Trump Slams Macron’s In­sult­ing EU Army Pro­pos­als

Iran News - - INTERNATIONAL -

PARIS (Dis­patches ) – U.S. Pres­i­dent Donald Trump set a com­bat­ive tone for a World War I com­mem­o­ra­tive visit to Paris on Satur­day when he blasted calls by French Pres­i­dent Em­manuel Macron for a Euro­pean army to de­fend against threats from pow­ers in­clud­ing the U.S.

No sooner had Trump touched down in Paris for a week­end of events to mark the end of WWI -in­clud­ing a meet­ing with Macron -- than he fired off a tweet cas­ti­gat­ing his host over pro­pos­als to en­dow the EU with its own, joint army.

“Pres­i­dent Macron of France has just sug­gested that Europe build its own mil­i­tary in or­der to pro­tect it­self from the US, China and Rus­sia,” the US pres­i­dent tweeted late Fri­day, re­fer­ring to re­marks made by Macron three days ear­lier.

“Very in­sult­ing, but per­haps Europe should first pay its fair share of NATO, which the US sub­si­dizes greatly!,” he added.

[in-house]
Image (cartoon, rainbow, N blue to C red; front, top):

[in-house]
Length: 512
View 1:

Trump, who is vis­it­ing France with his wife Me­la­nia for the sec­ond time since be­com­ing pres­i­dent, was re­fer­ring to a call made by Macron in an in­ter­view Tues­day for a “real Euro­pean army.”

Macron, an ar­dent advocate of closer Euro­pean in­te­gra­tion, said a joint Euro­pean Union mil­i­tary force was needed to wean Europe off Amer­i­can might, not least af­ter Trump an­nounced he was pulling out of a Cold War-era nu­clear treaty.

“We have to pro­tect our­selves with re­spect to China, Rus­sia and even the United States,” he told the Europe 1 broad­caster, sug­gest­ing for the first time that Europe might need to de­fend it­self from Amer­ica.

The French pres­i­dent, who has en­acted ma­jor de­fence spend­ing hikes to bring France in line with NATO spend­ing tar­gets, is spear­head­ing the cre­ation of a nine-coun­try Euro­pean rapid re­ac­tion force, in­de­pen­dent from NATO.

The force, which would fall far short of an army in size and scope, would be able to rapidly mount a joint mil­i­tary op­er­a­tion, evac­u­ate civil­ians from a war zone or pro­vide aid af­ter a nat­u­ral dis­as­ter.

Pro­pos­als for a full EU army with a joint com­mand -- a pet project of Euro­pean fed­er­al­ists -- re­main deeply sen­si­tive, how­ever, among EU mem­bers anx­ious to de­fend their sovereignty.

French of­fi­cials said Macron’s mooted EU “army” was merely a call for closer de­fence in­te­gra­tion.

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